Rebels find shelter in refugee camps

Militants wanted by Lebanese and Syrian authorities have taken refuge in a corner of a crowded Palestinian refugee camp associated with radical groups.

Palestinian Fatah al Islam fighters at the Ain el Hilweh refugee camp outside the southern Lebanese port city of Sidon.
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BEIRUT // Militants wanted by Lebanese and Syrian authorities in connection with a series of bombings and assassinations have taken refuge in a corner of a crowded Palestinian refugee camp associated with radical groups, according to Lebanese and Palestinian security sources.

Two senior commanders of Fatah al Islam, a radical group inspired by al Qa'eda and closely linked to Iraqi insurgent groups, have begun fortifying a bunker complex in the southern corner of the Ain al Hilweh Camp outside the city of Sidon. Abu Mohammed Awad apparently replaced Shakir Abssi as commander of Fatah al Islam after Mr Abssi's disappearance in the wake of the siege of the Nahr al Bared camp in north Lebanon in the summer of 2007. Mr Awad's location was a mystery until last week, when Fatah security officials admitted he was inside Ain al Hilweh but not in their custody.

Abed al Hamid Issa, a Fatah commander also known as "Leno", said in an interview with The National there was no fighting in the camp yesterday but in an interview with al Hayat newspaper, he said that Mr Awad and his deputy, Usama al Shahabi, had begun to prepare an underground bunker complex near the Noor Mosque in the southern section of the camp in anticipation of an assault by either the Lebanese Army or Fatah fighters responsible for maintaining security in the camp.

According to a local journalist with close ties to the camp, who requested anonymity for security reasons, fighters for the mainstream Islamic group Esbat al Ansar have recently begun defecting from the Fatah-dominated Popular Committee, which unites various factions into a single security apparatus. Once closely aligned with Abu Musab al Zarqawi in Iraq, Esbat al Ansar joined the committee in an effort to reduce bloodshed between the Fatah authorities and their Islamic rivals, but multiple sources in the camp have said the group has joined its Islamic allies. Esbat al Ansar officials could not be reached for conformation, but if true, the defection of the group would be a major blow to the camp's stability because it can muster hundreds of experienced and armed fighters.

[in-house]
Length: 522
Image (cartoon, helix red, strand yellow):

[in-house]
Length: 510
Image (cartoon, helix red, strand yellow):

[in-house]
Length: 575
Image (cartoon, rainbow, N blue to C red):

By tradition, Lebanese police and army troops do not enter the 13 Palestinian camps scattered around the country, but co-ordinate with forces loyal to the Palestinian Authority, Fatah and the Palestine Liberation Organisation. However, with more than 20 militant groups operating in a camp less than two square kilometres with a population of more than 50,000 people, Ain el Hilweh is considered one of the most lawless and unstable places in Lebanon. There is broad consensus among analysts that any move on the camp by the Lebanese army would be ill advised and bloody due to the number of armed militants taking refuge inside.

Mr Awad is sought in connection with two bombings this year in the northern city of Tripoli as well as the assassination of Pierre Gemayal, a prominent Christian politician, and a September car bombing in Damascus that killed 17 people. Syria claims Fatah al Islam conducted the Damascus bombing with the support of anti-Syrian political parties tied to Lebanon's Sunni Muslim population, while the Lebanese government accuses Syria of supporting the group and sending fighters to Lebanon from Iraq in late 2006.

The two commanders are thought to be protected by scores of fighters who once belonged to the now-defunct Jund al Sham radical group, whose remnants have been fighting a small-scale war against Fatah security forces led by Leno. About a dozen camp residents have perished in a series of tit-for-tat killings and bombings targeted at both Islamic radicals in the camp and fighters loyal to Fatah. Tensions between Fatah and the Islamic groups have been growing in the wake of Leno's campaign to weaken the remaining fighters from Jund al Sham, while a series of arrests this weekend further exacerbated the crisis, according to officials inside the camp.

On Sunday, Fatah security forces captured Mohammed al Dokhi, who is accused of serving as a liaison between various cells of the loosely knit radical groups, and turned him over to the Lebanese authorities. Two other suspected Fatah al Islam members were also arrested over the weekend by the Lebanese Army near the Beddawi refugee camp in northern Lebanon.